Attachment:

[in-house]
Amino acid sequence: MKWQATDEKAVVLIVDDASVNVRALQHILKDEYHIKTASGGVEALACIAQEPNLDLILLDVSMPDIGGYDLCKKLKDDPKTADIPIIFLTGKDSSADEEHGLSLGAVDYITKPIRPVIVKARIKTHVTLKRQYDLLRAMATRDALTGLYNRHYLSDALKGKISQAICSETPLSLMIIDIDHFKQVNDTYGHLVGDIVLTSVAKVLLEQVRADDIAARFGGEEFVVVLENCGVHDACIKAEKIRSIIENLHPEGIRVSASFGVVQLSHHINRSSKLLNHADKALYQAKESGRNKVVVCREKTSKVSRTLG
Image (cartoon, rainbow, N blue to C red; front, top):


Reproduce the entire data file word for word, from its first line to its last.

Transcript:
[in-house]
Amino acid sequence: MKWQATDEKAVVLIVDDASVNVRALQHILKDEYHIKTASGGVEALACIAQEPNLDLILLDVSMPDIGGYDLCKKLKDDPKTADIPIIFLTGKDSSADEEHGLSLGAVDYITKPIRPVIVKARIKTHVTLKRQYDLLRAMATRDALTGLYNRHYLSDALKGKISQAICSETPLSLMIIDIDHFKQVNDTYGHLVGDIVLTSVAKVLLEQVRADDIAARFGGEEFVVVLENCGVHDACIKAEKIRSIIENLHPEGIRVSASFGVVQLSHHINRSSKLLNHADKALYQAKESGRNKVVVCREKTSKVSRTLG
Image (cartoon, rainbow, N blue to C red; front, top):